As a proud University of Utah student during her undergrad years, Anjana Kanth already had the S.J. Quinney College of Law on her radar when she decided to pursue law school. But the small class sizes and experiential learning opportunities at Utah Law really sealed the deal.
It wasn’t until she started law school as a student in 2021 that she realized how truly supportive and welcoming the Utah Law community is – saying it felt like “home.”
“At SJQ, there are so many different student groups geared towards including every type of student,” she said. “Even if you don’t want to join a club, it’s cool to know that your classmates care about supporting one another.”
As a first-year law student, Kanth had to endure the infamous legal memo assigned during the Legal Methods class. This is every law student’s first true attempt at the difficult task of legal writing. This challenging assignment helped Kanth learn how to begin the research and organization needed to write legal memos.
Those skills came in handy the summer after her 1L year, as Kanth applied for a judicial internship with the Utah Supreme Court.
“I was eager to apply for an internship at the Utah Supreme Court after hearing from professors and attorneys that their judicial internships seriously strengthened their research and writing skills,” Kanth said.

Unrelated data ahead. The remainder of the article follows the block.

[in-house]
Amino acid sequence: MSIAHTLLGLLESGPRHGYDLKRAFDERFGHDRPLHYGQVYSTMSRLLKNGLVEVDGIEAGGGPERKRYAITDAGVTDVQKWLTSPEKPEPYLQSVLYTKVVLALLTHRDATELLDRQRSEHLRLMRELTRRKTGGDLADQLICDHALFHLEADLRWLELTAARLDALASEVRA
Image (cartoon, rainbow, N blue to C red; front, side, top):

Kanth was extended an offer from Chief Justice Matthew Durrant, who highlighted her particularly strong writing sample as a reason for bringing her onboard. She spent the summer researching appellate cases that made it to the highest court in Utah and writing bench memoranda to help the clerks and the chief justice craft opinions. She also spent time editing and proofreading draft opinions and checking citations before the opinions were published.
“The feedback and mentorship I received at my internship really has helped me sharpen my legal writing, research, and bluebooking skills,” she said. “Exposure to all different kinds of cases has also helped me to decide which areas of law I want to one day practice.”
Kanth, who is South Asian American, applied for this judicial internship through the American Bar Association’s Judicial Intern Opportunity Program (JIOP) for diverse students.
“I think programs like JIOP are especially valuable to help students who are traditionally underrepresented in the legal profession feel that they belong and can succeed in typically white-male dominated spaces like the court,” Kanth said.
After spending the summer researching appellate cases, Kanth is looking forward to taking the Appellate Practice course taught by Adjunct Professor Nathan Jack. Both this class and the judicial internship are setting her up for success in achieving her career goal to one day brief and argue appeals before the court.
This fall, Kanth is externing with the Salt Lake Office of Guardian Ad Litem and she will be participating in the summer associate program at Snow Christensen & Martineau next summer. After graduation, Kanth hopes to stay in Salt Lake City to practice family and employment law.